Social Icons


Featured Posts

Friday, October 24, 2014

From around the world #1 - Overcoming the pain

This is the first in the series of posts on things I think about when I think about the places I have been to and the places I wish to go.

People run marathons, bike across mountains, go on long treks, and do a lot of things that need not necessarily be done to get by life. The acts in and of themselves are rarely pleasurable. On the contrary, they are more often than not, painful exercises to go through.

The real pleasure lies in overcoming the pain. The feeling of accomplishment every time you get one of these things done. The new experiences that would otherwise have stayed in the imaginary realm. The realization of the limits to which your mind and body can be stretched, and the realization of the reasons for which you are willing to stretch them. The feeling of enrichment, physically and intellectually.

It is easy to settle into a routine. To define the set of things you will and will not do and stick to it. To feel good about what you can do.

But you're quickly bored by what you can do. At that point, you can either delve into the world of fiction to have new experiences through the eyes of the writer, director or your favourite sports team. Most times, this suffices. But this is momentary. Because you are soon back to seeing the world through your own eyes.

Stretching your limits to experience the pain and then overcoming it lasts a good deal longer.

Of course, many a time, the momentary relief and inspiration is all you seek before getting back to your routine. But when that isn't doing the job for you, you know its time to seek out some pain.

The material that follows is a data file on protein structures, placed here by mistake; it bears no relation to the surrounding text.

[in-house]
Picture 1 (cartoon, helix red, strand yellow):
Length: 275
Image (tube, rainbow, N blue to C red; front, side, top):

Thursday, October 23, 2014

Staying under the radar

If you are even thinking about staying under the radar, there is every chance you fully comprehend what it means to be in the spotlight.

Although it is the moment in the spotlight that all of us want in whatever it is that we do, it is only delightful to have it happen at the right time. Having the spotlight turned on us at the wrong moment can be awkward at best and fatal at worst.

Go ahead and ship your product. But do it with the awareness of the intensity of the spotlight that will be turned on you the moment you do, by your customers, your competitors. Because once you're in the spotlight, and you fail to impress, it is much harder to get there a second time.

If you follow football, you'll know the importance of timing your run to beat the offside trap and still getting on the end of the pass to go on and score the goal. Make the run too early and you are ruled offside and your attack comes to a halt. Make the run too late and the opposing defenders will get to the ball before you do and your attack comes to a halt.

[Hat-tip to my old boss for drilling in the importance of staying under the radar until the moment is right].

Thursday, October 16, 2014

Planning for the short term

We all have long term goals. We plan for them as well. The choices we make, be it in choosing what University to study at, what job to work for, or whom to come back home to everyday, are all part of these plans in hitting the long term goals.

But they are not good judges of incremental progress.

The human mind is buoyed by crossing milestones, by ticking off things as done. When we reach a milestone or get a task done in moving towards a milestone, it is a satisfying experience. It is a reward for a job well done. A validation of the planning exercise that makes us more confident for the next set of tasks. No wonder the 10,000 hours are necessary.

At the same time, it is a reminder for staying on track. A reminder to alert us when aren't meeting the milestones or getting tasks done in the time expected. A trigger to re-align priorities if necessary. An indication to step back and re-affirm that we are headed in the right direction.

Planning for the short term (sometimes even for a single day, although a week is my recommendation) will force you to really think about what it takes to achieve something. If you're unable to break your long term goals to that level, you fill find yourself not achieving those more often than not.